Encoding data into responses

There are fewer constraints on the format of DNS responses and the encoding is correspondingly simpler. dnstt uses the TXT resource record exclusively. TXT provides a convenient 8-bit-clean container for bytes with only 0.4% overhead (256 bytes needed to encode every 255 bytes).

Prefix each packet to be sent with a 16-bit big-endian length. Concatenate all the length-prefixed packets. There is no provision for padding in the downstream encoding. (You could use EDNS(0) padding if necessary.) dnstt-server uses the greedy approach of packing as many packets into a response as are immediately available and will fit.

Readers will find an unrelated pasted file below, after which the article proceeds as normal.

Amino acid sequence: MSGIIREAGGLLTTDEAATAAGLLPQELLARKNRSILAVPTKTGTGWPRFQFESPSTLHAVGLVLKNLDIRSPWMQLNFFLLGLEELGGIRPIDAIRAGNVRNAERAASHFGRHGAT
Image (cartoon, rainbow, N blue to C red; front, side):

To encode the buffer into the TXT resource record, break it into chunks of at most 255 bytes, and precede each one by a 1-byte length prefix. See EncodeRDataTXT and DecodeRDataTXT in dns/dns.go.

Encryption and authentication (Noise)

The Noise layer in dnstt is for end-to-end security between the tunnel client and tunnel server. It is independent of the encryption and authentication provided by DoH or DoT. the DoH or DoT layer only hides the fact that you are using a tunnel; the Noise layer is for security, even against a malicious resolver.

The specific Noise protocol name used by dnstt is Noise_NK_25519_ChaChaPoly_BLAKE2s. The NK handshake pattern authenticates the server but not the client. We use a prologue of dnstt 2020-04-13. See noise/noise.go for details of the implementation.